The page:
October 1st, 2018

## What is important, and what not

There are two ideas here:

• Separate important from secondary things
• Content is important
• Structure is important
• Style is not important
• Tell to the computer what is the role of each part
• Later you can decide the style
• You can even change it later

## Vectors

• Group of values, all with the same type
• Basic types are
• Character
• Numeric
• Logic
• Factor

## Making your own vector

Vectors are so useful that we have several ways to create them

For example, the function c(3,1,4) will give us a vector

We can also make vectors with incrementing numbers or repeating numbers

## Sequences

A vector with numbers between 4 and 9

4:9
[1] 4 5 6 7 8 9
seq(4, 9)
[1] 4 5 6 7 8 9

The two commands are equivalent. The first is easier to write

## Sequences with more detail

We can go from 4 to 10 incrementing by 2

seq(4, 10, 2)
[1]  4  6  8 10

We can say how many numbers we want, instead of the last value

seq(from=4, by=2, length=4)
[1]  4  6  8 10

## Repetitions

rep(1, 3)
[1] 1 1 1
rep(c(7, 9, 13), 3)
[1]  7  9 13  7  9 13  7  9 13
rep(c(7, 9, 13), 1:3)
[1]  7  9  9 13 13 13

## Repetitions

rep(1:2, c(10, 5))
 [1] 1 1 1 1 1 1 1 1 1 1 2 2 2 2 2
rep(c(TRUE, FALSE), 3)
[1]  TRUE FALSE  TRUE FALSE  TRUE FALSE
rep(c(TRUE, FALSE), c(3, 3))
[1]  TRUE  TRUE  TRUE FALSE FALSE FALSE

## Missing data

• In practice there are cases when a datum is not present
• It is not a good idea to use a fictitious value
• The symbol NA is used in that case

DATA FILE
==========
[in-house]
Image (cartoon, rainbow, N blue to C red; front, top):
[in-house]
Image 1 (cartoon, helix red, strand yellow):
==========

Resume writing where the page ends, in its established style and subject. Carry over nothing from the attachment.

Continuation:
• You can use it on any vector, regardless of type
c(NA, TRUE, FALSE)
[1]    NA  TRUE FALSE
c(NA, 1, 2)
[1] NA  1  2

## Accessing elements

To get the i-th element of a vector v we use v[i]

weight <- c(60, 72, 57, 90, 95, 72)
weight
[1] 60 72 57 90 95 72
weight[3]
[1] 57

The value inside [] is called index (plural: indices)

## The index can be a numeric vector

weight[c(1,3,5)]
[1] 60 57 95
weight[2:4]
[1] 72 57 90

## Negative Indices

Used to indicate omitted elements

weight
[1] 60 72 57 90 95 72
weight[c(-1,-3,-5)]
[1] 72 90 72

Useful when you need almost all elements

## Logical Indices

Vectors can be indexed by a logical vector

Must be of the same length of the vector

weight>72
[1] FALSE FALSE FALSE  TRUE  TRUE FALSE
weight[weight>72]
[1] 90 95

This is very useful

## Names of elements

Every element of a vector can have a name

names(weight) <- c("Ali", "Deniz", "Fatma", "Emre",
"Volkan", "Onur")
weight
   Ali  Deniz  Fatma   Emre Volkan   Onur
60     72     57     90     95     72 

## Names of elements

We can assign names to the elements when we create the vector

height <- c(Ali=1.75, Deniz=1.80, Fatma=1.65, Emre=1.90,
Volkan=1.74, Onur=1.91)
height
   Ali  Deniz  Fatma   Emre Volkan   Onur
1.75   1.80   1.65   1.90   1.74   1.91 

## Names as Indices

If a vector has names, we can use them as indices:

weight[c("Deniz", "Volkan", "Fatma")]
 Deniz Volkan  Fatma
72     95     57 
• How do we know if a vector has names?
names(vector)
NULL

## In summary

• Indices allow us to see and modify parts of a vector
• Indices can be
• positive integer vectors
• negative integer vectors
• logic vectors
• character vectors
• Index vectors can be of length 1 or longer
• except logic indices, which have to be of the same size as the original vector